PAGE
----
From the results, we can observe congruent results between real-time PCR and the Southern blot analysis, which indicates the potential of real-time PCR to be an efficient and precise alternative for transgene copy number determination. Moreover, previous studies indicate that the real-time PCR based transgene copy number determination has a detection limit of 2 copies . Statistical models provide the potential of increasing not only the detection limits but also precision of detection.
Comparison of different statistical models
From Table 2, we can see that all of the four statistical methods render similar point estimation for all four transgenic lines analyzed. However, the last model analyzing intercepts of fluorescence data renders a larger confidence interval and standard error, which leads to an ambiguous estimation of copy number. For all the three other methods, the copy number estimation is precise. The error overestimation for intercept-based analysis has been discussed previously by Yuan et al. . It seems that the other three methods are better choices than the intercept-based analysis. Moreover, as discussed previously, the internal reference gene-based method generally is better than the external standard curve method since it does not require equal amounts of input DNA between the control and transgenic samples. However, the internal reference gene methods require more robust data quality control, especially for amplification efficiency. The external standard curve method is efficiency independent since it calculates the DNA amount for ratio estimation.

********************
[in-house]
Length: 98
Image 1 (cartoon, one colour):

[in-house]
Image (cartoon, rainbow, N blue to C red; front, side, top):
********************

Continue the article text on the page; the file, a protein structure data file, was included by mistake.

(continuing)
Data quality control
Data quality control includes an amplification efficiency test and dissociation curve. It should be noted that equal amplification efficiency between the reference gene and transgene is a prerequisite for the internal reference gene design. Even though efficiency adjustment can be conducted for gene expression analysis, the practice of unbalanced linear combination-based adjustment for transgene copy number determination might introduce another source of experimental error . The precise transgene copy number determination assumes the confidence interval to be smaller than 1 for an accurate estimation of transgene copy number. For example, a larger confidence interval of (0.4, 2.1) will lead to no conclusive estimation of copy number. It is therefore important to minimize the error introduced by either unequal amplification efficiency or low amplification efficiency. In the best scenario, all PCR reactions should have amplification efficiency equal to 100%. However, it is also acceptable that all of the reactions have equal amplification efficiency, but less than 100%. During the linear combination analysis of ratio of copy number, the amplification efficiency can be integrated into the statistical model. The standard curve method is therefore preferred since it can help to determine the amplification efficiency more precisely .